Song of the Day: Blind Melon, "St. Andrew's Fall"
In the summer of 1996, I was 14 years old and had just completed my run in middle school, with high school on the horizon. I couldn't get a job in a record store like I wanted because I was too young, but I was allowed to do farm work to pick up some extra scratch (mostly so I could buy CDs and passively save for a car). So I went to work for a guy my dad knew who ran a vegetable farm and greenhouse in town. In the early part of the season, I was in charge of knocking out weeds, and as the crops came in my job became handling the picking of various squashes, cucumbers, and tomatoes.
I got paid a ridiculous sum of money to do this (I can't remember my hourly rate, but it was unnecessarily ample) but there was a catch: Because of the nature of the plants and the savagery of the Connecticut summer, I had to do the bulk of my work exceptionally early in the morning. If I remember correctly, I would get up at 4:30 to be in the field by 5 and theoretically wrapped by 7 or 8. It only ended up being a few hours, but those hours ran fast and furious, and I was filthy and exhausted at the end of every day (and this was a job I went to seven days a week).
That sounds like a terrible way to spend one of the last truly free summer vacations in one's life, but it was simultaneously the best and worst job I ever had. It was physically draining and the hours were nuts, sure, but I also was making a bunch of cash and still had the bulk of my days free to do whatever I liked. Also, because I worked on my own in the outdoors, I spent the entirety of every shift listening to music on an old beat-up walkman that I'm pretty sure my dad pulled out of a school lost-and-found. I tended to listen to the radio, always tuned into the morning show on my local modern rock radio station, where I was treated to heavy rotation tracks like Primitive Radio Gods' "Standing Outside a Broken Phone Booth With Money in My Hand," Nada Surf's "Popular," the Refreshments' "Banditos," Dishwalla's "Counting Blue Cars," Sponge's "Wax Ecstatic," Goldfinger's "Here In Your Bedroom" and Superdrag's "Sucked Out." (As you can see from that playlist, it was a great time in rock radio because nobody knew what to do with anything.)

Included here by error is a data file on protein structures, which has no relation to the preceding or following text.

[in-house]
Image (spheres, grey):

But I also had raided a local record store that was closing and picked up a handful of albums on cassette for a buck or so a piece. One of those albums was Blind Melon's Soup, the second record from the band who brought us "No Rain." I always hated "No Rain" (and the cloying video with the Bee Girl that made it an MTV hit), and never actually got around to listening to Blind Melon's self-titled debut until a few years ago. (It is garbage.) But I remembered enjoying the video for "Galaxie," the first single from Soup that I must have caught during one of the few times it actually aired on MTV. I remembered liking the song, but in that era there was no real way to access music like that without actually purchasing the record, particularly in the case of an album that was dismissed when it first arrived (which precluded its presence on listening stations).
But for a dollar, I figured I could at least find out if I still liked "Galaxie." (I did.) I also found that Soup, released only a few months before frontman Shannon Hoon died, was a classic sophomore slump album that found a band trying to reconfigure its identity after it had a taste of fame. While Blind Melon's debut is a parade of hippy-dippy faux-jam nonsense, Soup is super weird. "Galaxie" is a chugging bit of space rock, "Toes Across the Floor" is something of a blues prog tune, "Car Seat (God's Presents)" is freak folk, and "Skinned" is a book number from a parallel universe musical about Ed Gein. There's no real central thread, which is probably why people disposed of it, but I think that's it's greatest asset. No matter how many times I listened to it front-to-back on my dusty walkman, I still found something new.
My favorite song from Soup is "St. Andrew's Fall," a song that begins as a Stonesy strut but soon spirals into a breakdown and gives way to a psychedelic bit of melancholy. I'm devastated to find that I cannot for the life of me remember why it meant so much to me, but I was particularly obsessed with one of Hoon's slightly trippy lyrics that shows up after the breakdown. I still remember the whole thing by heart: "And I can't tell you how many ways that I sat and viewed my life today/ And I can tell you I don't think that I'll find an easy way/ So if I see you walking hand in hand in hand with a three-armed man/ You know I'll understand/ But you should've been in my shoes yesterday." I don't know what the hell that means, but it retains some mystery for me.